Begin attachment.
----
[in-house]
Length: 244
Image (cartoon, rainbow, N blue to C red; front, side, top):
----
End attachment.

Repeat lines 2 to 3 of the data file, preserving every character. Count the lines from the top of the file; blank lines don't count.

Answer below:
Length: 244
Image (cartoon, rainbow, N blue to C red; front, side, top):